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Building upon personal strengths help Airmen, families overcome stress

  • Published
  • By Staff Sgt. Sean Evans
  • 514th Air Mobility Wing Public Affairs

The Air Force Reserve Yellow Ribbon Program hosted a virtual informational event for Reserve Citizen Airmen and their loved ones Feb. 27-28.

Deploying away from home can be a stressful experience for service members and their families, especially during an ongoing pandemic that has limited social and professional face-to face interaction.

Fortunately, the Air Force Reserve Yellow Ribbon Program exists to help alleviate this stress.

The program consists of a series of events designed to provide members and families with essential resources prior to deployment, stability and support while deployed, and successful re-integration techniques after the deployment cycle ends.

Capt. Anna M. Sanchez, a clinical nurse with the 94th Airlift Wing at Dobbins Air Reserve Base, Georgia, led a conversation during the event, titled “Build Your Strengths.”

“This discussion is meant to let Airmen know their character strengths, use them to their advantage and recognize character strengths as leaders,” Sanchez said. “Character strengths help you find meaning and purpose in the deployment and your role within the larger Air Force picture.”

In addition to having worked with the Yellow Ribbon Program for several years, Sanchez works as a psychiatric mental health nurse practitioner for the Department of Veterans and said she values the positive impact education on character strengths has on service members.

“You must know your character strengths because it improves your life,” said Sanchez. “You thrive when you know them. They will provide a buffer against the adversities you will encounter while on deployment or even other challenges like COVID-19.”

Among the character strengths Sanchez discussed were wisdom, judgement, honesty and curiosity.

“I want you to think of your character strengths as your superpowers,” she said. “These are your superpowers that will make you happier in life, be more successful, increase your work performance and improve your chances of accomplishing the mission.”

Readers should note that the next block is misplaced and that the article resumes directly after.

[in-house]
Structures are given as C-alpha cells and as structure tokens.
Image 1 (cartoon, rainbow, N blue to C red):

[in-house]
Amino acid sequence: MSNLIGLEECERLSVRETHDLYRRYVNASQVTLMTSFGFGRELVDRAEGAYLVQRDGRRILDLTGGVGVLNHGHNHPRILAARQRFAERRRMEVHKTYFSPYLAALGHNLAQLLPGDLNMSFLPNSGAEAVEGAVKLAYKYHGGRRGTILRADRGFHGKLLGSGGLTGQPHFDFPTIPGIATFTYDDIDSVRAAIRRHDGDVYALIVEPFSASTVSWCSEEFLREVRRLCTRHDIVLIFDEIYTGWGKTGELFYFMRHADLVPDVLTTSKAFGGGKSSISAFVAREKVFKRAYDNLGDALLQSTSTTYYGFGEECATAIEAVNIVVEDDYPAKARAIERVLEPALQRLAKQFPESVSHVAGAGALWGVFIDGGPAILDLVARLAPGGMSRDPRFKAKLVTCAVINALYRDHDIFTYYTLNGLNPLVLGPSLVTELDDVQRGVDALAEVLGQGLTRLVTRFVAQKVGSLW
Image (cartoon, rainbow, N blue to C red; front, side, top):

Sanchez took a deeper look into some character strengths to emphasize how each one can be applied to their deployments and encouraging the Airmen to think about their own experiences.

“Let’s look at courage,” said Sanchez. “Since you all are deploying soon or have deployed in the past, have you faced your challenges well? Did you not back away from those challenges? Did you have anxiety from those challenges? Do you have the courage to speak up when you see something that is not right?”

Sanchez opened the room to discussion, asking her listeners to share their own thoughts about their character strengths, starting with courage.

“How can you show courage? Do you think that’s part of your character strength?” Sanchez asked.

First Lt. Aumbirh J. Warren, a logistics readiness officer with the 466th Airlift Wing at Joint Base Lewis-McChord, Washington, was the first to respond.

“I feel like I’m courageous because I face my fears, even though I may be uncomfortable and usually want to go back to a comfortable state as soon as I can,” Warren said. “I can show courage just by participating in this brief because sometimes people are afraid to speak up over Zoom, even though I might be nervous too.”

The discussion continued as Sanchez explored another important character strength.
“Has anybody used their character strength of wisdom in innovation?” she asked. “In your unit or section have you identified processes that are not working as well as they could and need improvement and suggested a solution?”

Senior Airman Trisha Pope-Coley from the 507th Air Refueling Wing at Tinker Air Force Base, Oklahoma, shared her thoughts.

“In my civilian job, I work in a pharmacy at a hospital where I have spoken with my coworkers and then supervision about ways to improve certain processes to make work more functional and streamlined,” said Pope-Coley. “With the support of my coworkers, we managed to get solutions implemented.”

Sanchez said that by leveraging her wisdom and courage character traits, Pope-Coley was able to identify something that needed improvement and then showed courage by speaking up to her supervisors about it.

Sanchez said her career of working with veterans and service members has convinced her that maintaining a sense of meaning through character strengths can help get through difficult times.

“I’ve seen veterans who have seen so much death and injury from Operation Enduring Freedom and Operation Iraqi Freedom who would go on to engage in substance abuse or have suicidal thoughts,” Sanchez said. “They question the meaning of their existence and if they do not find that meaning, then it’s going to be very difficult to come out of those dark situations.”

Sanchez said she wants nothing more than to help people discover meaning in their lives to avoid those dark situations, and the Yellow Ribbon Program offers her an opportunity to do that.

“I’m hopeful that people will find the positive human experience in all this and find hope and be resilient amid everything that is happening in the world today,” said Sanchez. “Life is not a bed of roses. There are thorns in life but when you find your strengths you will be able to rise above those adversities, build strong positive habits, and get the mission accomplished.”